“From one end to the other was 134 seconds (2:14), now down to 85 seconds (1:25),” Wentzel said. “That’s a pretty big reduction and something the average person should feel. We felt those were good results, very positive results.”
The third corridor studied, BBD from Cross Creek Blvd. to I-75, was the trickiest, Wentzel said.

While the signals clearly favored BBD traffic, it did not recognize that 40 percent of the traffic in the corridor was coming off Cross Creek Blvd. The result has been significantly longer cycle times for traffic turning south onto BBD from Cross Creek. That has slowed the average speed in that corridor by 1 percent and increased the average delay by 10 percent, numbers that Wentzel called insignificant.


Statistics from study regarding signal timing changes at the Cross Creek/BBD Intersection (Graphic Design: Gavin Olsen)

“If you look at the study results, it didn’t really benefit BBD traffic, because the intention was to help Cross Creek,” he said.
While the study may produce small numbers measured in seconds and minutes, when you multiply that one car by days and then times per month, you get a bigger, brighter picture (see graphic above).

“The cumulative savings to the community are significant, and to the environment are significant” Bhide said.
Bhide also said the light signal changes also will benefit bicyclists and pedestrians, who tend to take risks crossing when they are stuck at long cycles favoring BBD.

Combined with the significant amount of time saved by motorists, as well as the environmental benefits, Bhide said this light study was a success.

“We don’t always see these kind of dramatic results from signal changes,” he said. “This just happened to be a pretty good story for us to tell.”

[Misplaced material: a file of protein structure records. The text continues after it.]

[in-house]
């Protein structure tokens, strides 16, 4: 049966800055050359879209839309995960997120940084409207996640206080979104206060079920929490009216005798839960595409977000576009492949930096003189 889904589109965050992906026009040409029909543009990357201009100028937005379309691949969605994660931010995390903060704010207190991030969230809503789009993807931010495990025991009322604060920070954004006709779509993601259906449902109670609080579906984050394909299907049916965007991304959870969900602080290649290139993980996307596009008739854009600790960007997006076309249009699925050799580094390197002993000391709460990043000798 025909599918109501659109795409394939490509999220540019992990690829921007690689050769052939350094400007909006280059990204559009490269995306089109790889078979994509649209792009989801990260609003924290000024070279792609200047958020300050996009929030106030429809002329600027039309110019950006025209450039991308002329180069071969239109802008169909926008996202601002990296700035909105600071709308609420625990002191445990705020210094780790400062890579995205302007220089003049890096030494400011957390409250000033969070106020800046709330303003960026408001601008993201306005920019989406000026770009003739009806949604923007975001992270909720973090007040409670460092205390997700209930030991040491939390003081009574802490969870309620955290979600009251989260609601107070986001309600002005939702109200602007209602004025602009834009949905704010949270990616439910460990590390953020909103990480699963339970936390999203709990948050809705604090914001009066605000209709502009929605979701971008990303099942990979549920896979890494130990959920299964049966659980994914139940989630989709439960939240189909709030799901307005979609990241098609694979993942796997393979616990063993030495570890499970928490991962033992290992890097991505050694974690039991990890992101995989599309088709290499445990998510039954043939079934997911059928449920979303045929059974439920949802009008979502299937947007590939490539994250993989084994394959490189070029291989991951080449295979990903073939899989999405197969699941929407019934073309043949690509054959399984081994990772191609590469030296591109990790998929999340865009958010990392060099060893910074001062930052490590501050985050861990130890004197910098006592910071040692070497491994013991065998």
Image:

Right-Turn Signals To Be Added!
In addition to the recently completed traffic light changes, right-turn signals will be installed at northbound BBD and Cross Creek Blvd., as well as eastbound Highwoods Preserve Pkwy. and BBD (where p.m. traffic from the business campuses behind the AMC Highwoods movie theater complex can stretch on and on) over the next 80-90 days.

An Aerial Shot of the Cross Creek & Bruce B Downs Blvd. Intersection in New Tampa. (Photo: Eagle Fly Media)

Both lanes are choke points during peak traffic hours in the evening, and the BBD/Cross Creek Blvd. location in particular has drawn the ire of many local residents.

“We’ve done what we can with signal timing, but the right turns could be going at the same time the lefts are going if we had a signal for it,” Wentzel said.

As for a third left turn lane off Cross Creek Blvd., Wentzel and Bhide both said that’s just a matter of time, and money. While Bhide works for the city, that intersection is a county asset that the city maintains, per an interlocal agreement.

“We have talked to the county about putting that as a project in their capital improvement plan, and tentatively, they are reviewing that and will try to get it funded in the next few years,” Bhide said.

The traffic signal study was hosted by the New Tampa Council (NTC). Along with District 7 Tampa City Council member Luis Viera, who founded the NTC, the crowd also included a handful of political candidates running for seats, either in the upcoming “mid-term” elections in August and November, or in March 2019, that will represent New Tampa — Angela Birdsong (running for Hillsborough County Commissioner District 2), Joseph Caetano and Joe Citro (Tampa City Council Dist. 1) and Fentrice Driskell, who is running against incumbent Shawn Harrison for the Florida House of Representatives Dist. 63 seat.